I recently picked up a bunch of hardware to build a new home media server. When fully configured, it'll have 20 1TB hotpluggable SATA-II drives running under a Linux system. To date, I've used RAID5 and RAID6 (not in conjunction) in smaller servers spanning up to eight drives, but I'm wondering if that's still a good idea.
More specifically, I'll have six SATA cards in the system - four PCI cards with four SATA ports each, and two PCI-Express x1 cards with two SATA ports each. (This hardware isn't entirely for sure yet - as an aside, let me know if I can improve on it. Those slots are the only ones available on the current motherboard.)
I'm primarily looking for suggestions as to what low-level software system (RAID, LVM, a combination, something else entirely) I should use to implement this system. Requirements:
- It has to be scalable up to the 20 drives - I'm starting with four, and working my way up (most likely one or two drives at a time) to the full capacity.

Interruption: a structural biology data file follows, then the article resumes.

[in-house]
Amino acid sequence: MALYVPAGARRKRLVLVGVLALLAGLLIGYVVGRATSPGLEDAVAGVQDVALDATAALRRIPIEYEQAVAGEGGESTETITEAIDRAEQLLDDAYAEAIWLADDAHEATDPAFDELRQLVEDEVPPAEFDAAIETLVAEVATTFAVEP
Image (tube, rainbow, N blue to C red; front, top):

- It has to run on Gentoo Linux - I'm very flexible as to the software I use, but not to the point of switching the entire operating system for it.
- It has to be reliable enough to suffer drive losses - at least two of the twenty at any given time. The server will be some hundreds of miles away from me most of the time, and I can't get anyone there to swap out drives as soon as they go bad, so it needs to be able to live with a drive or two down for a little while. Bonus if an entire controller card can fail and the array stays up.
- It has to have reasonable capacity - I'd like at least 15TB, out of the 20, actually available for data storage (as opposed to RAID parity or similar). More capacity, as long as it's not sacrificing too much integrity, is better.
- It has to present a single unified filesystem to the OS - 20 separate 1TB drives, all with separate filesystems and mounted separately, won't be manageable (even ignoring the fact that a drive failure in this kind of setup would destroy a terabyte of data).
Keep in mind when making suggestions that I don't mind putting a fair amount of work into this - there's no requirement for easy or instant setup, as long as it works and is reliable in the future. Suggestions as to the filesystem to layer on top of it would also be welcome. I'm currently using JFS, because it seems to perform well and is growable while mounted read-write, but if there's an improvement I can make I'm open to it.